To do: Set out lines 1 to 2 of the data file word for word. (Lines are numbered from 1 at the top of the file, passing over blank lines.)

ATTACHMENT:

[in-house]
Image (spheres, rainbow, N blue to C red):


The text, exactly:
[in-house]
Image (spheres, rainbow, N blue to C red):